2. Europeans in particular tend to treat deserts as “barren”, lifeless places—it’s literally right there in the name of them—but if you’ve ever had the privilege to truly experience one you’ll know they really, really are not. []
2020-02-14T09:02:42+11:0016th June, 2020|Tags: , |

Special interests.

Commercial fishing is by far the greatest cause of ecological destruction at sea, but produces less income and employment in the UK than the industries it wrecks. Recreational angling alone, which is perpetually threatened by the absence of fish, generates more jobs and money than commercial fishing. Whale and dolphin watching, diving and snorkelling would, if allowed to prosper, greatly enhance the livelihoods of coastal people. And this is to say nothing of the unmeasurable improvements in the life of everyone connected to a thriving, abundant living system.

George Monbiot on industry.

A similar conversation goes on here with the coal industry, which is orders of magnitude less lucrative overall than the industries like tourism that it threatens both directly (coal plants and mines are ugly and polluting) and indirectly (due to climate change-related effects like coral bleaching).

But a hundred thousand tourism jobs are spread out across twenty thousand cafes, tour operators, and bed and breakfasts, none of whom individually has much political clout. Meanwhile, ten thousand coal industry jobs are spread across three or four multinationals whose owners can afford to spend millions on political donations and lobbyists.

And so it goes.

2020-02-12T08:51:46+11:0012th June, 2020|Tags: , |

Rubbish industry.

The reality of plastics recycling? It’s pretty much already dead. In 2015, the U.S. recycled about 9 percent of its plastic waste, and since then the number has dropped even lower. The vast majority of the 8.3 billion metric tons of plastic ever produced — 79 percent — has ended up in landfills or scattered all around the world. And as for those plastic shopping bags the kids were hoping to contain: Less than 1 percent of the tens of billions of plastic bags used in the U.S. each year are recycled.

This is not to say that we shouldn’t try to properly dispose of the array of toys, single-use clamshells, bottles, bags, takeout containers, iced coffee cups, straws, sachets, yogurt tubs, pouches, candy bar wrappers, utensils, chip bags, toiletry tubes, electronics, and lids for everything that passes through our lives daily. We have to. But we are well past the point where the heartfelt efforts of schoolchildren or anyone else on the consumer end can solve the plastics problem. It no longer matters how many hoots we give. There is already way too much plastic that won’t decompose and ultimately has nowhere to go, whether it’s mashed into a dragon container or not.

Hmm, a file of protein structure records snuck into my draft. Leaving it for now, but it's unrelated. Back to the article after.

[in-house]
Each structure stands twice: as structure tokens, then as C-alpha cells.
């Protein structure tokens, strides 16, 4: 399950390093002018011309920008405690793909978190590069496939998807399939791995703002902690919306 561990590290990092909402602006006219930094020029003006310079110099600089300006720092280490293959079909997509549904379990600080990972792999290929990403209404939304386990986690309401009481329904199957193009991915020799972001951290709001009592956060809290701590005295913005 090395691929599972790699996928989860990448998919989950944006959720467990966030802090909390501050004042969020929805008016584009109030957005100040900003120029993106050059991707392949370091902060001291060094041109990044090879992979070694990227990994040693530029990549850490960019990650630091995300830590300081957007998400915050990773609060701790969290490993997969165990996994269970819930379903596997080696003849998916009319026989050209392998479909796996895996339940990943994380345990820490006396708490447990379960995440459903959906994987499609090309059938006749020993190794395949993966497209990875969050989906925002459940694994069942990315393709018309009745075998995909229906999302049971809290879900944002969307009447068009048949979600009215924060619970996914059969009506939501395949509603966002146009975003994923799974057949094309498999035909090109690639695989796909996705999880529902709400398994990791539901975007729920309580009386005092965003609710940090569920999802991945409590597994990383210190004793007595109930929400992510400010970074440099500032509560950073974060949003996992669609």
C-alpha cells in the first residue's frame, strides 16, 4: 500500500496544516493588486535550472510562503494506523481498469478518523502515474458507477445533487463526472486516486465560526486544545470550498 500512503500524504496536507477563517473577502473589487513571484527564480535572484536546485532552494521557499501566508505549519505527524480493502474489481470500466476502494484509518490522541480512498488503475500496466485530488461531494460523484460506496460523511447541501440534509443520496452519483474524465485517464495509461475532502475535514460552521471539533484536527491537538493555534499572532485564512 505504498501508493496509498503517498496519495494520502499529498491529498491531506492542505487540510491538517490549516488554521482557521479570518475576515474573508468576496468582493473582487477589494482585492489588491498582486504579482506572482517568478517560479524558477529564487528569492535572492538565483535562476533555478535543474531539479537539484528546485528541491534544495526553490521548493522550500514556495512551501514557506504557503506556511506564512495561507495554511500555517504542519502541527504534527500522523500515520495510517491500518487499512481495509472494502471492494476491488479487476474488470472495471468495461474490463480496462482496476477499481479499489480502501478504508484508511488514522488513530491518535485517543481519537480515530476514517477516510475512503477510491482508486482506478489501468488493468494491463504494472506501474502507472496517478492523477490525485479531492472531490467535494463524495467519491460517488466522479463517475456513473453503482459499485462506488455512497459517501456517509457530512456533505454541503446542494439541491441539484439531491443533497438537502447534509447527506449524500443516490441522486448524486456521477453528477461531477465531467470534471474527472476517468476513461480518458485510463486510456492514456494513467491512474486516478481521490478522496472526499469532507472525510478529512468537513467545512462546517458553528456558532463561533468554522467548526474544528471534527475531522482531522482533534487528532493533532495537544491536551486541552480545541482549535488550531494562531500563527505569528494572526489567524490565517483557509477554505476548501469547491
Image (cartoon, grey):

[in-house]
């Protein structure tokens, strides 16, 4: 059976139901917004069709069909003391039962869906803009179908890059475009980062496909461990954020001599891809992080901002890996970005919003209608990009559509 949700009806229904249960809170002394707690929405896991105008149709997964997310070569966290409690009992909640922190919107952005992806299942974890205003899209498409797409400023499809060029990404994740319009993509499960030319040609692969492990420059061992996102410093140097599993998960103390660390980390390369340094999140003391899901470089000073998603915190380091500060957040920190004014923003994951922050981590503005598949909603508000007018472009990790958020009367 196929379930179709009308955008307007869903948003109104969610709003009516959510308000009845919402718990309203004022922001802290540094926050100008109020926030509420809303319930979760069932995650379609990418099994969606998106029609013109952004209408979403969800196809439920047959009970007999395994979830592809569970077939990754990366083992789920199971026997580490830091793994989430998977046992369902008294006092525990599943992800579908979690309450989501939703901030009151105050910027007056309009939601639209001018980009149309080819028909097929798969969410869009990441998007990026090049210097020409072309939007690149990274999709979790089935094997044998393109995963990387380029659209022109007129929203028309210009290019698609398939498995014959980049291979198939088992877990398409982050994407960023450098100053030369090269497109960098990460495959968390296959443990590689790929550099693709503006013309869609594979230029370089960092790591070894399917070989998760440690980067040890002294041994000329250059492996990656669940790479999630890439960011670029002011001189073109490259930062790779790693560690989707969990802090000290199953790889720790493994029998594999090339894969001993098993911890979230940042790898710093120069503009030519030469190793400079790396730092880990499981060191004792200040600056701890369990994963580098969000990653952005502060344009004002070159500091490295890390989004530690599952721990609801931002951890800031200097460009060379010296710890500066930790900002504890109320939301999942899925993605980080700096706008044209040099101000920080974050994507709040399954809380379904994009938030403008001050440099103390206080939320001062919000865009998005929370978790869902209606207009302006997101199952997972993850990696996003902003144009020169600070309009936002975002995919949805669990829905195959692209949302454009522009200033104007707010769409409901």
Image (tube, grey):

Sharon Lerner on waste.

From a long-but-worthwhile expose of the plastics industry, specifically around its efforts to prevent regulation by blame-shifting to consumer behaviour…

2020-02-11T12:12:21+11:0011th June, 2020|Tags: |

De-cycle.

Modern recycling as we know it—the byzantine system of color-coded bins and asterisk-ridden instruction sheets about what is or isn’t “recyclable”—was conceived in a boardroom. The anti-litter campaigns of the 1950s, championed under the slogan of “Keep America Beautiful,” were funded by the producers of that litter, who sought to position recycling as a viable alternative to the sustainable packaging laws that had percolated in nearly two dozen states. In primetime commercials over the decades, American audiences met characters like Susan Spotless and “The Crying Indian” (played by Italian-American actor Espera Oscar de Corti) who urged consumers to lead the charge against debris: “People start pollution. People can stop it.”

Keep America Beautiful flaunted a fairy tale logic that demanded little from anyone. Landscapes would be rendered pristine as long as responsible citizens placed their garbage in the proper receptacle. Any unwanted items could be magically whisked away somewhere distant and unseen. In this fantasy world, polluted highways and parks were caused not by giant consumer brands who exclusively sold their goods in disposable packaging, or by raw material producers whose factories leaked toxic byproducts into rivers and lakes; the blame for environmental pollution was placed on the mythical hordes of careless individuals—“litterbugs”—who tossed food wrappers out of their car windows.

Matthew King on the birth of recycling.

The tl;dr here is basically that—and I’m sure you’re shocked to hear this by now—recycling was invented by companies to try and shift blame (and cost) from their own shitty practices onto individual consumers. But the “industry” itself has never been either effective or viable, and was basically a con from the start.

Note that this isn’t to say were should never recycle anything; only that the incentives in the current system are harmful, and that an actual solution is one that combines both scrap-reclamation and robust regulation on single-use items, especially plastics.

2020-01-29T12:24:47+11:0027th May, 2020|Tags: |